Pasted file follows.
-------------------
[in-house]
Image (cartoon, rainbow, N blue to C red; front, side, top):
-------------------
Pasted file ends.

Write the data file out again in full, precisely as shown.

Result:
[in-house]
Image (cartoon, rainbow, N blue to C red; front, side, top):